Self-care is about physical and mental health and well-being. It’s about taking care of our bodies, minds, and souls so we may become the-best-version-of-ourselves. We’ve been fed with the message that we need to put ourselves first, in order to recharge and refuel so that we may take better care of others. While I agree with the basis and importance of self-care, I think a great number of people are missing the most important piece in self-care: God.

What’s Missing?

We can never truly obtain self-care without God’s love. We can practice self-care all we want, but eventually, we will hit a dead end. We may feel like we have obtained true peace–maybe for months or years–but at some point we will find ourselves feeling like it’s not enough, like something is missing. What’s “missing” is God. Who gives us the tools to provide self-care? God. Jesus said, “I am the Way; I am Truth and Life. No one can come to the Father except through me” (John 14:6 NIV). The Bible teaches us that we are not the center of our own lives, nor are we in charge–God is.

Where to Find Rest

Are we tired and weary, and know it’s important to take care of ourselves? Yes. It’s necessary to practice gratitude, mindfulness, and awareness, but it’s not enough to just do those things. It’s not enough to turn towards ourselves and our “self-care rituals” to find rest and relief from stress. Jesus, The Prince of Peace, said, “Come to me, all you who labor and are burdened, and I will give you rest.” He didn’t say that just to be polite. He said it because it’s the Truth. “Take my yoke upon you and learn from me, for I am meek and humble of heart; and you will find rest for yourselves ” (Matthew 11:28-29).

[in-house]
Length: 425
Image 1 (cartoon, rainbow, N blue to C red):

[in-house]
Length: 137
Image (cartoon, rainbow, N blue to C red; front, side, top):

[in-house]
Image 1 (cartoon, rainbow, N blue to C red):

Remember when He told Martha not to be anxious about the housework, but to come and relax with Him (Luke 10: 38-42)? Caring for ourselves is worshiping God. We can do both simultaneously. We can care for ourselves, while also putting God first. But if we do not put God first, we are missing the importance of self-care. The return rate on putting God first is invaluable.

The Truth Will Set Us Free

We’re like a tennis ball being tossed back and forth between two rackets. One racket is the worldview’s version of self-care and the other racket is God’s version of self-care. We’re being fed both sides, but are constantly up in the air between the two, not sure which is the winner. God is always the winner. And by choosing God’s true version of self-care, we too, are winning.

Is it important to pick a self-care ritual that fits our personality and lifestyle? Yes. But to truly benefit from that particular moment or activity we must focus on something bigger than ourselves. If our self-care practice includes going for a walk, don’t just go for a walk; rather, let’s be mindful of how God created the big picture around us–from the dirt to the trees, to the birds. God is in Everything. You can find Him in every self-care ritual. It’s only through seeking and noticing God in our self-care practices that we will truly obtain peace, joy, healing, and health.

What do you like to do for self-care and how can you put God in your practice?

I pray you find your best rest within God, my friend.